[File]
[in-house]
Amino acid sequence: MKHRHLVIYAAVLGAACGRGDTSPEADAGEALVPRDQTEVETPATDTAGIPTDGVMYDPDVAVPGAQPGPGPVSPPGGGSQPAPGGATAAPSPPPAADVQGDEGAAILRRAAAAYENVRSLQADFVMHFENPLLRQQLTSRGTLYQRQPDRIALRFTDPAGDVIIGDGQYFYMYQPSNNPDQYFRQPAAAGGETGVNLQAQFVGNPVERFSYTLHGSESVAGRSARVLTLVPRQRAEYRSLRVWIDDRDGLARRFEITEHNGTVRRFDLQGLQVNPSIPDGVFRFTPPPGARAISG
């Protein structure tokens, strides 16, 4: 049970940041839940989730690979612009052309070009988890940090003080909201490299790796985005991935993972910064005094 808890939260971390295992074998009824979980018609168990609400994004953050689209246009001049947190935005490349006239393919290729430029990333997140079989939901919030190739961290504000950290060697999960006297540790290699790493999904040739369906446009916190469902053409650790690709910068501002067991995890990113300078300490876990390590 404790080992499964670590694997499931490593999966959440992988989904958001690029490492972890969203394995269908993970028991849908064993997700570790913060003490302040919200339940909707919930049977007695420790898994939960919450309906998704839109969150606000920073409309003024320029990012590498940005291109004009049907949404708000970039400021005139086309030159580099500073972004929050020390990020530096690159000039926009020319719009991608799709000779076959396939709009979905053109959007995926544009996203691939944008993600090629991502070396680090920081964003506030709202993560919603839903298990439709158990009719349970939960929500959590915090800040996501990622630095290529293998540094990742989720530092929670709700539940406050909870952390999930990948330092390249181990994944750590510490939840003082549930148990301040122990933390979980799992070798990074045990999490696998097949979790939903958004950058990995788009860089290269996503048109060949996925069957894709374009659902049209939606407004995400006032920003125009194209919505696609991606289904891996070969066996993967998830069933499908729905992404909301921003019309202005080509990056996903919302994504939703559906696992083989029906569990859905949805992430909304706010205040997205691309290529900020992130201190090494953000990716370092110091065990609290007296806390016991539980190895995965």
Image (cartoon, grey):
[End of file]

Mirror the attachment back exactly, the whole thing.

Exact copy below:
[in-house]
Amino acid sequence: MKHRHLVIYAAVLGAACGRGDTSPEADAGEALVPRDQTEVETPATDTAGIPTDGVMYDPDVAVPGAQPGPGPVSPPGGGSQPAPGGATAAPSPPPAADVQGDEGAAILRRAAAAYENVRSLQADFVMHFENPLLRQQLTSRGTLYQRQPDRIALRFTDPAGDVIIGDGQYFYMYQPSNNPDQYFRQPAAAGGETGVNLQAQFVGNPVERFSYTLHGSESVAGRSARVLTLVPRQRAEYRSLRVWIDDRDGLARRFEITEHNGTVRRFDLQGLQVNPSIPDGVFRFTPPPGARAISG
């Protein structure tokens, strides 16, 4: 049970940041839940989730690979612009052309070009988890940090003080909201490299790796985005991935993972910064005094 808890939260971390295992074998009824979980018609168990609400994004953050689209246009001049947190935005490349006239393919290729430029990333997140079989939901919030190739961290504000950290060697999960006297540790290699790493999904040739369906446009916190469902053409650790690709910068501002067991995890990113300078300490876990390590 404790080992499964670590694997499931490593999966959440992988989904958001690029490492972890969203394995269908993970028991849908064993997700570790913060003490302040919200339940909707919930049977007695420790898994939960919450309906998704839109969150606000920073409309003024320029990012590498940005291109004009049907949404708000970039400021005139086309030159580099500073972004929050020390990020530096690159000039926009020319719009991608799709000779076959396939709009979905053109959007995926544009996203691939944008993600090629991502070396680090920081964003506030709202993560919603839903298990439709158990009719349970939960929500959590915090800040996501990622630095290529293998540094990742989720530092929670709700539940406050909870952390999930990948330092390249181990994944750590510490939840003082549930148990301040122990933390979980799992070798990074045990999490696998097949979790939903958004950058990995788009860089290269996503048109060949996925069957894709374009659902049209939606407004995400006032920003125009194209919505696609991606289904891996070969066996993967998830069933499908729905992404909301921003019309202005080509990056996903919302994504939703559906696992083989029906569990859905949805992430909304706010205040997205691309290529900020992130201190090494953000990716370092110091065990609290007296806390016991539980190895995965």
Image (cartoon, grey):